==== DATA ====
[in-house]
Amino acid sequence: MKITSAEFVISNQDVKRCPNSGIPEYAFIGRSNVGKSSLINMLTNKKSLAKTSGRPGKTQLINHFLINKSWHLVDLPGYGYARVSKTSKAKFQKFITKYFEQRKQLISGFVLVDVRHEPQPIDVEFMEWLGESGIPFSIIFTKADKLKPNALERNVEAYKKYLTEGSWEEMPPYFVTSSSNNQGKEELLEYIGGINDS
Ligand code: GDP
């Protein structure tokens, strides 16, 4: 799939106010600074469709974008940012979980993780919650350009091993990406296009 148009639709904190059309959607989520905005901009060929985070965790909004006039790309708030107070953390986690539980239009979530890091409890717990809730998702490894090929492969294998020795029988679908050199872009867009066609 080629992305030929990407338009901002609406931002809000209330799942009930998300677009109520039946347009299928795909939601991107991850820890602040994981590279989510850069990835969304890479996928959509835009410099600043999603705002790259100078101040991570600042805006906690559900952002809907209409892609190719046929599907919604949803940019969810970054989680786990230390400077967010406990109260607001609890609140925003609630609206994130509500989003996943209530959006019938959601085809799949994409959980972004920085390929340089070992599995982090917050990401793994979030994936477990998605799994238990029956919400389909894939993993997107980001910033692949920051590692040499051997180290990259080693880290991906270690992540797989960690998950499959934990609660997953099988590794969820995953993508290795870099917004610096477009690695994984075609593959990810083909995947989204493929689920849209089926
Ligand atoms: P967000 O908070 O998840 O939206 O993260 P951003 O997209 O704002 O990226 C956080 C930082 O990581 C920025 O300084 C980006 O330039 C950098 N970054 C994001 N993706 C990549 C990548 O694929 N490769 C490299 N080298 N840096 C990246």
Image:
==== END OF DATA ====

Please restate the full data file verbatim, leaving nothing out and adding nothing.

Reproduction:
[in-house]
Amino acid sequence: MKITSAEFVISNQDVKRCPNSGIPEYAFIGRSNVGKSSLINMLTNKKSLAKTSGRPGKTQLINHFLINKSWHLVDLPGYGYARVSKTSKAKFQKFITKYFEQRKQLISGFVLVDVRHEPQPIDVEFMEWLGESGIPFSIIFTKADKLKPNALERNVEAYKKYLTEGSWEEMPPYFVTSSSNNQGKEELLEYIGGINDS
Ligand code: GDP
């Protein structure tokens, strides 16, 4: 799939106010600074469709974008940012979980993780919650350009091993990406296009 148009639709904190059309959607989520905005901009060929985070965790909004006039790309708030107070953390986690539980239009979530890091409890717990809730998702490894090929492969294998020795029988679908050199872009867009066609 080629992305030929990407338009901002609406931002809000209330799942009930998300677009109520039946347009299928795909939601991107991850820890602040994981590279989510850069990835969304890479996928959509835009410099600043999603705002790259100078101040991570600042805006906690559900952002809907209409892609190719046929599907919604949803940019969810970054989680786990230390400077967010406990109260607001609890609140925003609630609206994130509500989003996943209530959006019938959601085809799949994409959980972004920085390929340089070992599995982090917050990401793994979030994936477990998605799994238990029956919400389909894939993993997107980001910033692949920051590692040499051997180290990259080693880290991906270690992540797989960690998950499959934990609660997953099988590794969820995953993508290795870099917004610096477009690695994984075609593959990810083909995947989204493929689920849209089926
Ligand atoms: P967000 O908070 O998840 O939206 O993260 P951003 O997209 O704002 O990226 C956080 C930082 O990581 C920025 O300084 C980006 O330039 C950098 N970054 C994001 N993706 C990549 C990548 O694929 N490769 C490299 N080298 N840096 C990246």
Image: